IT and Business Insights for SMB Solution Providers

CapEx vs. OpEx: Which One Drives Business in the Channel?

MSPs that understand and can advise on the intricacies of both CapEx and OpEx purchasing models will create trusted relationships with customers in all verticals. By Andrea Marin

You’ve been meeting with a channel customer for the last few months and their stakeholders are all on board. You’re just about to finalize the contract when the client’s CFO casually asks: “How will this purchase impact our bottom line?”

What do you say?

Until recently, most IT purchases involved big boxes and long purchase cycles, and thus, were made as capital expenditures (CapEx).

But a global pandemic propelled cloud adoption at a breakneck pace that continues today. In fact, worldwide end-user spending on public cloud services in 2023 is forecast to grow 20.7% to $591.8 billion, up from $490.3 billion in 2022, according to Gartner.

Just like as-a-service models transformed computing, operating expense (OpEx) models are transforming SMB, midmarket, and enterprise channel purchases. Understanding their advantages and disadvantages can help you meet with customers’ finance people and other stakeholders with confidence.

CapEx: You Buy It, You Own It

CapEx refers to the one-time, upfront purchase of fixed assets, such as IT equipment, buildings, vehicles, etc. The included services are often “one and done”; once payment is received, your customers own their equipment.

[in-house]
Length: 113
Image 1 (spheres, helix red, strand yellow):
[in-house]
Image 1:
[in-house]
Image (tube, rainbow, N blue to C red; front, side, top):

Today, channel customers not only have many more technology choices to make than ever before, but they also have many more stakeholders involved in the decision-making process. The result is that 56% of organizations said they had a high degree of purchase regret over their largest tech-related buy in the last two years, according to Gartner.

These technology purchases also require careful capacity planning. To avoid coming up short, businesses often purchase more than what’s needed, resulting in unused (or underused) capacity, which is a drag on the business.

In addition, CapEx purchases must be amortized over the life of the asset, which requires different accounting practices. This includes depreciation over an extended number of years as well as tax adjustments.

As a result, CapEx purchases reduce a customer’s cash flow, which restricts them from making needed investments to grow their businesses—especially in uncertain times. Of course, customers could finance the purchase; however, that financing comes at a cost—by higher interest rates in today’s economy.

The good news? Going forward, 65% of tech buyers will prioritize as-a-service consumption models for infrastructure purchases, according to IDC, which is driving greater opportunities for MSPs.

OpEx: The Benefits of Usage-based “Ownership”

With OpEx, MSPs can quickly underscore their role as trusted, strategic partners, while increasing profit margins and driving long-term customer value.

MSPs can drastically cut buying cycles by having customers choose from a menu of repeatable, automated offerings curated based on market trends. Customers will make recurring, usage-based payments—typically monthly but frequencies may vary according to customer preferences, allowing them to optimize their cash flow. These expenses are fully tax deductible in the year in which they’re consumed, enabling both MSPs and their customers to reduce their income taxes and increase their cash flow. 

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